Today, I watched about 5 hours of The Electric Company.
“What is that?”, you inquire. “Why would you do that?” you ask. “What’s wrong with this guy?” you wonder.
Well it’s this spectacularly 70’s and rather well done show put on by PBS in the 1970’s to help children learn to read. In our group-to-group meeting we were asked if we’d heard about it. We had not, seeing as the three of us were born in the late 80’s. We only knew of Sesame Street. The Electric Company was apparently the show for those that were a step past Sesame Street. It stars Morgan Freeman and Bill Cosby, among others.
So, why did I watch it? First, because it was a great way for me to see some ways that children are taught to read. Secondly, and more tangibly, to come up with ideas for this project. I have three game ideas that I think will be great additions to the mini-games we’ve already come up with.
1. Meaning Match
Present phrases or words to the player and have them match the meaning of those to another given phrase. For example, if the player is asked to identify who is asking them, “How are you?” Then they would not choose an Non-Playable Character (NPC) that is saying, “Bad,” because that’s an answer to the question. They would want to select the NPC saying something like, “What’s up?” or “How’re you doing today?”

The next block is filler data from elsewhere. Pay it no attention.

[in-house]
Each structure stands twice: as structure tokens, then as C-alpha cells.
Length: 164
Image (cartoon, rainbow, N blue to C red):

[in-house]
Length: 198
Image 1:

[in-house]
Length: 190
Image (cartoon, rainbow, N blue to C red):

2. Fill in the Missing Letters
A player comes upon a sign, note, or some other grouping of words. The player then has to decide which letter is missing. For example, given the phrase, “_us, _o _et _as, please. -_ary.” The player would need to recognize that filling in the blanks with ‘G’ would correctly fill in the spaces to make, “Gus, go get gas, please. -Gary.” Difficulty can be increased by making more than one letter missing or leaving out whole words.
3. Rearrange the Letters/Words
This game would involve being presented a whole word or phrase. If it’s a whole word, the letters would be scrambled and if it’s a phrase, the words would be scrambled. To solve the letters version, a picture might also be provided to direct the user or the word said aloud. In the phrase version, just one word might be in the wrong spot or the whole phrase might be messed up. For example, “You are cute very.” The player would need to move the word “very” in front of “cute.”